Paoloni-Giacobino, Ariane
Rimoldi, Stefano F.
Fuster, Daniel G.
Anderegg, Manuel
Somm, Emmanuel
Bouillet, Elisa
Allemann, Yves
Sartori, Claudio
Scherrer, Urs
Publication Title: 
PloS One

Microglial activation plays an important role in neuroinflammation, which contributes to neuronal damage, and inhibition of microglial activation may have therapeutic benefits that could alleviate the progression of neurodegeneration. Recent studies have indicated that the antimalarial agent artemisinin has the ability to inhibit NF-?B activation. In this study, the inhibitory effects of artemisinin on the production of proinflammatory mediators were investigated in lipopolysaccharide (LPS)-stimulated primary microglia.

Author(s): 
Zhu, Cansheng
Xiong, Zhaojun
Chen, Xiaohong
Peng, Fuhua
Hu, Xueqiang
Chen, Yanming
Wang, Qing
Publication Title: 
Circulation

BACKGROUND: C-reactive protein (CRP), the prototypic marker of inflammation, has been shown to be an independent predictor of cardiovascular events. Endothelial nitric oxide synthase (eNOS) deficiency is a pivotal event in atherogenesis. METHODS AND RESULTS: We tested the effect of CRP on eNOS expression and bioactivity in cultured human aortic endothelial cells (HAECs). CRP decreased eNOS mRNA, protein abundance, and enzyme activity in HAECs. Furthermore, eNOS bioactivity assayed by cyclic GMP levels was significantly reduced by CRP.

Author(s):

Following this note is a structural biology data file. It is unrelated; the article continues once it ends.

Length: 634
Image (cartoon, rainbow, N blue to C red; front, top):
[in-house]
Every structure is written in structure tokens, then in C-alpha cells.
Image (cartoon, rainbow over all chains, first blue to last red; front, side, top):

Venugopal, Senthil Kumar
Devaraj, Sridevi
Yuhanna, Ivan
Shaul, Philip
Jialal, Ishwarlal
Publication Title: 
American Journal of Physiology. Heart and Circulatory Physiology

We hypothesized that elevated partial pressures of O(2) would increase perivascular nitric oxide (*NO) synthesis. Rodents with O(2)- and.NO-specific microelectrodes implanted adjacent to the abdominal aorta were exposed to O(2) at partial pressures from 0.2 to 2.8 atmospheres absolute (ATA). Exposures to 2.0 and 2.8 ATA O(2) stimulated neuronal (type I) NO synthase (nNOS) and significantly increased steady-state.NO concentration, but the mechanism for enzyme activation differed at each partial pressure.

Author(s): 
Thom, Stephen R.
Fisher, Donald
Zhang, Jie
Bhopale, Veena M.
Ohnishi, S. Tsuyoshi
Kotake, Yashige
Ohnishi, Tomoko
Buerk, Donald G.
Publication Title: 
Arteriosclerosis, Thrombosis, and Vascular Biology

OBJECTIVE: In addition to being a cardiovascular risk marker, recent studies support a role for CRP in atherothrombosis. Several investigators have reported that CRP binds to Fcgamma receptors on leukocytes. The aim of the study is to determine the processing of CRP by human aortic endothelial cells (HAECs). METHODS AND RESULTS: Binding studies were performed by incubation of HAECs with biotinylated CRP (B-CRP, 25 to 200 microg/mL) for 30 to 180 minutes at 4 degrees C. B-CRP binding was quantitated using streptavidin-fluorescein isothiocyanate followed by flow cytometry.

Author(s): 
Devaraj, Sridevi
Du Clos, Terry W.
Jialal, Ishwarlal
Publication Title: 
Journal of Vascular Surgery

BACKGROUND: Defensins are cysteine-rich cationic polypeptides released from neutrophils that exhibit powerful antimicrobial activities. Because inflammation, including neutrophil infiltration and release of defensins, may play an important role in atherosclerosis and other vascular diseases, we determined whether alpha-defensin could cause endothelial dysfunction, a major initial event of atherosclerosis, in porcine coronary arteries. METHODS: Porcine coronary arteries were sliced into 5-mm rings and treated with different concentrations of human recombinant alpha-defensin for 24 hours.

Author(s): 
Kougias, Panagiotis
Chai, Hong
Lin, Peter H.
Yao, Qizhi
Lumsden, Alan B.
Chen, Changyi